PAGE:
There are nine species of owls in Iowa, and the great-horned owl (Bubo virgianus) may be the most well-known species.
Great-horned owls have the quintessential owl call.
When you think owl, you think "Whoooo. Whoooo." That is actually not the call of every owl but the call of the great-horned owl.
You can't see their ears.
Great-horned owls have feathered tufts on the head that look like they should be ears. Their ears are located at the sides of the head, and great-horned owls have extremely sensitive hearing because of facial feathers that direct sound waves to their ears.
They can fly almost silently.
Great-horned owls are nocturnal and hunt at night. They have excellent night vision, but they also have feathers that help them fly almost silently so their prey does not hear them creeping up on them.
Their short, wide wings also allow them to fly easily among trees in their forested homes.
They can eat prey almost as large as they are.
Great-horned owls eat small items such as rodents, frogs and scorpions, but they can also take down large birds of prey such as osprey, peregrine falcons and other owls.
A great-horned's talons can clench with up to 28 pounds of force, and they help sever the spine of large prey.
Feather colors are different dependent on where the owl lives.
Great-horned owls are typically a gray-brown with reddish faces and a white patch on the throat. However, birds in the Pacific Northwest tend to be darker gray, and those in the Southwest are paler. Birds from the subarctic area of Canada can be almost white to blend into their surroundings.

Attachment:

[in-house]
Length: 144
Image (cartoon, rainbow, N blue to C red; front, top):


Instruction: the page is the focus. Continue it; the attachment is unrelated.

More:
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Pine siskins, purple finches, dark-eyed juncos, American tree sparrows — these Iowa winter birds are really only just a few of the birds that make winter a bit more fun in this cold state. 1. Red-breasted nuthatch Red-breasted nuthatches live year-round in many parts of the western United States and Canada, but they spent winter, Read More »Read More
When I started working for the Dickinson County Conservation Board five years ago, I didn’t know much about identifying birds. I could pick out a cardinal, a robin, a goldfinch and a bald eagle. I remember when I was watching the birds in the avian courtyard with a volunteer, and he pointed out a streaky Read More »Read More
Although purple finches have a non-breeding range throughout the eastern half of the U.S., they may be more of an irregular visitor to your feeder. Part of that could be due to competition with its look-alike, the house finch. (Learn how to tell them apart here) The house finch is native to the western U.S. Read More »Read More
The American tree sparrow’s name is really misleading. European settlers named it the American tree sparrow because the chubby bird with a rust-colored cap and eyeline reminded them of the Eurasian tree sparrow, but Spizelloides arborea isn’t just American. It does spend its nonbreeding winter seasons in the U.S. and southern Canada, but it head Read More »Read More
Snowbirds are people that flee Iowa for warmer weather farther south. By farther south, we usually mean Florida, Texas or Arizona. However, for some residents of the far north, like dark-eyed juncos, Iowa is the warm haven to which they flock. As winter sets in, these pretty little sparrows migrate from their breeding grounds in Read More »Read More